Given the situation of the parishes where we work and the long history of involvement with the African American community it is not surprising that the members see their primary missionary service in terms of this commitment.
2.2 Summary of Chapter statement on SVD Mission. Frequently I was asked to summarize the primary ideas about SVD mission from our document. I usually mentioned three levels of reflection:
Witness to God's Reign: We witness to God's love, which includes Everyone while protecting their Diversity and transforms our World.
Dialogue - We give this witness most clearly through dialogue with faith-seekers, people of other religious traditions, people of different cultures, and with those who are marginalized and poor.
Dimensions - Our missionary service in the Church and World as Divine WORD missionaries is characterized by four dimensions that are sometimes specialized ministries, but also and more often show their impact in the way we live our lives and the way we work.
2.3 Need for "concrete and specific" reflection on Chapter statement. I would then renew my question about the missionary profile of the parishes by asking what these ideas might mean in the context of parish ministry? What I most noticed is that hardly any of the confreres had really been challenged to think about the ideas presented in the chapter document in the context of their own life and work. I also had the impression that few had noticed the paragraphs related directly to parish ministry (¶91-93). However, when presented with a brief summary and a direct question, they did seem to find the concepts useful. It would seem that there is a need for reflection on the chapter statement in the specific context of parish ministry.
3. Some specific proposals
As the discussions shifted to what specific proposals might help to further sharpen the missionary profile of our parishes four ideas tended to emerge.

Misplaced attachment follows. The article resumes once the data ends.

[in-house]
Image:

3.1 Style of parish administration. Some suggested a change in the way we enter into arrangements for parish administration. Rather than taking on open-ended commitments to specific parishes SVD teams could move from one parish to another just as the diocesan clergy are moved from one to another. Of course, we may want to indicate the specific character of parishes in which we would like to work - eg. poor - African-America/Hispanic etc. The Misión Verbita in Chicago was suggested as a possible model. The multicultural aspect of SVD community could be especially helpful in such teams.
3.2 Email bulletin board. Some thought that an email bulletin for parish ministers could be developed, similar to the email bulletins for mission research and mission animation. Such bulletins could include case studies of missionary parish ministry and homily ideas with a stronger missionary thrust.
3.3 Short course for parish ministry. Some suggested a short course for reflection on parish ministry. It would have to be of a very limited duration, three to six weeks, and it would be best to hold it in the provinces/zones, not at Nemi. Essential components of a course focusing on missionary parishes would have to include: preaching, celebrating liturgy and sacraments, work with parish councils, lay movements, finances & administration, pastoral team work, etc.
3.4 Mentoring programs. Over the past few years a number of confreres have been assigned to the Southern Province from other parts of the world. In response, the province has set up a program to introduce new missionaries. The challenge to help integrate SVD's from other parts of the world into the work of the province has helped the province get more serious about preparation for ministry. Cliff Labbé, Tom James, Tom Mullaley and Borgia Aubespin have been quite active in this regard. So far the emphasis has been more on cultural orientation and not so much on introduction to parish ministry. Nevertheless, the development of good cultural orientation programs for new missionaries can also be a good first step toward raising some of the questions regarding the missionary profile of our parish ministry.
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4. SUBSCRIBE TO Parishes for
This bulletin is being sent out initially to all SVD provincial and regional superiors, and to others who have participated in the earlier consultations. If you would like to receive the bulletin, or if you know others who would like to receive it please send a message to the editor, Tom Ascheman, at email@example.com.
Parishes for MISSION is meant primarily for SVD confreres working in parish ministry. It provides a forum to explore ways to enhance our missionary service. Others who are interested in this discussion are also welcome to subscribe.
As this is an occasional bulletin, it will appear as often as material is ready. If you would like to contribute your ideas for publication you are most welcome to do so.
At present the bulletin is produced only in English. Yet many confreres may hope for a translation to another language. If you would like to see another language version of this bulletin and/or if you could help with translation please send a message to the editor.
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To subscribe and to send notices for publication please contact:
Tom Ascheman SVD